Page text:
By Bob Mytych
Independent Special Writer
Gary Snarski, owner of the Belvil Realty/Century 21 business at the corner of Third and Main streets, attended the Jan. 10 meeting of the Belleville Planning Commission to express his concerns over the current downtown zoning ordinance.
Currently, a business on Main Street 6,000 square feet or less must have retail sales on the ground floor, Snarski said, noting that the business community should have been made aware of this situation.
He said people owning buildings on Main, like he does, may not be able to sell if the ground floor has to be retail.
Snarski told the planners he was exploring the possibility of selling his building to Coldwell Bankers.
He said the Professional Building at 152 Main Street currently houses service businesses and if it was sold it would have to be renovated to make it retail.
Planner Jill Bahm of Birchler Arroyo Associates, the city’s planning consultant, put together the Central Business District ordinance that he was talking about. It was unanimously adopted by the city council on July 6, 2010.
Snarski also brought his concerns to the Downtown Development Authority’s Jan. 16 meeting. Snarski is a member of the DDA and at that meeting he was elected vice-chairman.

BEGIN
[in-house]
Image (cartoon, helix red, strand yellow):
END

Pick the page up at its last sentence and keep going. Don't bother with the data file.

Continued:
“We should have been made aware of this by the DDA,” Snarski said.
An amended new business district that would combine the B-2 and B-3 zoning into one is in the works and Snarski’s building is a prime location for multi-use tenants.
But, currently the zoning requires retail on the ground floor.
Bahm gave a report to the Planning Commission on the new zoning amendments related to the B-2 and B-3 Downtown Business Districts, including uses and standards, with special attention given to outdoor dining and definitions.
She presented the new language, which would be aimed at combining the permitted uses so that the two districts could become one under the ordinance.
New and amended definitions to the district’s uses include business support services, general retail uses, personal service establishments, and professional and administrative office uses.
With the two districts combined, the Planning Commission hopes to have better control and restrictions over mixed permitted uses.
Designations for first floor retail and other floors for retail and residential will also be clarified.
A final report and recommendation is expected back for the Feb. 14 commission meeting.
Commission Chairman Steve Jones also said that the commission hopes to have a final report next month on the city’s sign ordinances. A subcommittee has been working on signs since last fall.
Bahm also noted that the city is moving forward in the process of having a clearzoning designation, which, once adopted, would compile all of the city’s complex ordinances and make them interactive and user-friendly, she said.
By Bob Mytych